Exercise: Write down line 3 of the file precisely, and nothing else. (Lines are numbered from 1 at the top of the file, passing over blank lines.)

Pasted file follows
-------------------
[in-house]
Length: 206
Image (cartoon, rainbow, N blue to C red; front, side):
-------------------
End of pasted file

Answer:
Image (cartoon, rainbow, N blue to C red; front, side):